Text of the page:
FILE - In this May 10, 2012, file photo, a doctor holds Truvada pills in her office in San Francisco. Studies released on Tuesday, June 11, 2019 show the anti-AIDS treatment also cuts the chances that someone who’s still healthy becomes infected from risky sex or injection drug use. But with nearly 40,000 new HIV infections each year in the U.S., only a fraction of people who could benefit are prescribed the drug for prevention. (Jeff Chiu, File)

The chairman of the House Oversight Committee is expanding the committee’s review of Gilead Sciences’s patent claims relating to Truvada for PrEP, the company’s drug that prevents HIV infection.

In a letter released Thursday, Rep. Elijah E. Cummings (D-Md.) demanded emails and other information from Gilead about negotiations that led to Gilead’s pledge to donate free doses of the drug for President Trump’s effort to eradicate HIV by 2030.

Cummings also asked Gilead for details of contact with the Centers for Disease Control and Prevention and other agencies over its claim that U.S. government patents are invalid for Truvada for PrEP, as the preventive use is known.

The committee appeared to be asking whether there was any quid pro quo in the deal to provide the free HIV medication. The committee wants to know “whether Gilead’s donation of Truvada was connected in any way to patents’’ and “whether these patents played any role in negotiations between the company and the Department of Human Services,’’ said the letter.

Gilead has previously denied any connection between the patents and its deal to provide free HIV prevention pills. The San Francisco-based company has said it will donate 2.4 million bottles per year of Truvada for PrEP to the effort. The CDC will decide where the drugs should be distributed.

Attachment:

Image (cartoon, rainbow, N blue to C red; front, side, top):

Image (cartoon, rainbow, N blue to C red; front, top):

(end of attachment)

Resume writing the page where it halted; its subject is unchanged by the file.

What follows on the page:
Gilead said Thursday that it received the committee’s letter and is reviewing it.

The Washington Post reported in March that the government was not enforcing its 2015 patents on Truvada for PrEP. That led to a contentious hearing by the Oversight Committee in May where Gilead chief executive Daniel O’Day insisted CDC patents on the use of Truvada for PrEP are invalid.

The Justice Department’s intellectual property division also opened a review of the matter, which would be a first step if the government decided to get more aggressive, The Post reported .

Cummings’s request follows a letter he and Sen. Debbie Stabenow (D-Mich.) sent last week to the Government Accountability Office asking GAO to dig into the patent enforcement practices of the Department of Health and Human Services.

If Gilead is infringing on the government’s Truvada patent, “this would mean that a private entity has generated billions of dollars in revenue over several years while infringing on government-owned intellectual property, and that the government either failed to detect the infringement or was aware but failed to prevent it,’’ Cummings and Stabenow wrote.

Cummings was joined on the letter released Thursday by three liberal Democrats on his committee, Reps. Alexandria Ocasio-Cortez of New York, Ayanna Pressley of Massachusetts and Ro Khanna of California.

The representatives also asked Gilead to explain how it sets Truvada’s price. They noted that the wholesale list price of Truvada for PrEP rose from $1,289 for a monthly supply in 2012 to $2,109 this year, a 63 percent increase.